3 Tips for Converting PDF to CAD Like a pro

Industrial and product design engineers & even architects have embraced PDF files to store their design data in form of blueprints owing to their own set of takeaways. Easy integration and the most versatile document format that can be opened conveniently when it comes to graphics are the benefits of using pdf.

PDFs have several drawbacks too. The non-editable format makes it difficult for the designers to use the PDF more than once. It makes the designer’s job challenging and time consuming even when minor design changes are to be made. However, designers can opt for PDF to CAD conversion, to pace up their work, reduce rework and focus more on leveraging their core competencies.

Secondly, PDFs consume immense amount of precious time for the design engineer to model and prepare detailed engineering drawings. This extends the design cycle time leaving no scope of innovations.

Design engineers when convert designs into CAD files, from DWG or DXF files, which stay digitally sorted for years, easily editable and can be reused multiple- times. It serves as a backup mechanism in case of design data alteration.

PDF is essentially a paper-print type format and consumes more space on hard drive; while on the other hand, CAD format stores 2D or 3D data in an efficient manner enclosing all the relevant formation like BOMs, weldment and machining details for CNC machines and much more.

Enlisted are some of the most common challenges CAD professionals and design engineers face while converting PDFs to DWG or DXF files.

Graphics related challenges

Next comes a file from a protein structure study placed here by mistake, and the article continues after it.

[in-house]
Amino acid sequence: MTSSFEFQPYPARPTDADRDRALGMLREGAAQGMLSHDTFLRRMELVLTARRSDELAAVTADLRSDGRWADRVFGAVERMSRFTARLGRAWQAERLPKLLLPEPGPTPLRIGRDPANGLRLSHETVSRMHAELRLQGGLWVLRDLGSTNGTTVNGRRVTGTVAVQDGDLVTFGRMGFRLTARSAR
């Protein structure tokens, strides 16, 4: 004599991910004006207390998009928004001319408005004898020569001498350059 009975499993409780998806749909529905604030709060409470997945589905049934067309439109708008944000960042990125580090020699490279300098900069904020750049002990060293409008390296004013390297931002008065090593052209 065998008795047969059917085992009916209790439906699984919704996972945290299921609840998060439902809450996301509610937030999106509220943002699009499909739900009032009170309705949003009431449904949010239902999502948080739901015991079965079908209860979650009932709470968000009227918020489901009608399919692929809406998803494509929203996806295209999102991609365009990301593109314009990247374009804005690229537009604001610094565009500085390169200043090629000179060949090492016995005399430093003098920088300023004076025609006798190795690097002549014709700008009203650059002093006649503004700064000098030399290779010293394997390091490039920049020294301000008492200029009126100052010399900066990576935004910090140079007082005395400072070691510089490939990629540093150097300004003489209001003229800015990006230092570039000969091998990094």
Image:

Vector graphics stored and used in PDF file are very limited. Circular entities, arcs or any other curved entities are absent in PDF. Usually made of B-splines or Bezier curves, these curves are extremely difficult to edit.

Upon encountering such complications, design engineers often opt for high-quality conversion software that can keep the design intents and importance of curves during conversion.

Converting line type files

A line is essentially treated as a circle with infinite radius in CAD. While in PDF, line type entities defined by the user are a sequence of dots and dashes, and its order and length completely depend on the length of the line. Misinterpretation while making the conversion leads to cascading adverse effects on the final CAD model or DWG file.

To overcome such challenges, design engineers ensure to determine the correct length, interpret dots and dashes and width of the line type entities to avoid any design data distortion during conversions.

Matter of text

For texts, PMI and geometrical dimensioning and tolerances in case of engineering detailed drawings is the most error-prone entity. It is so because, in PDFs, words and sentences are treated as individual characters with a specific style of information. But for CAD files, they hold the utmost specific information during the manufacturing stage. Errors during conversion from PDF to CAD can be extremely costly in terms of time and man-hours.

However, with the advancements in technology today, Optical Character Recognition (OCR) helps design engineers big time in reading the text correctly and accurately.

Apart from these, there are other inherent challenges of missing data and interpolation which are inbound during conversion and surface only during the inspection. But such design glitches can easily be handled by overlaying methods for deviation.

To address the challenges during conversion, industrial and product design engineers & architects, should opt for PDF to CAD conversion for efficient design data management.

Accounting for aforementioned challenges, a majority of difficulties are avoided.

In addition to these, when a design engineer sticks to the international design standards such as ASME, TEMA, IS or any other, there are fewer chances of errors in final CAD models even when there is an interpolation done.

About Author:

Usha B. Trivedi is a Technical Writer at Hi-Tech CADD Services - CAD Drafting Services . She has graduated in mechanical engineering discipline. She contributes in-depth articles for mechanical and industrial equipment designs, processing plants and fabrication sector. Her contributions are primarily focused on enabling engineering professionals, fabricators and plant owners to optimize design outcomes through CAD and CAE tools.

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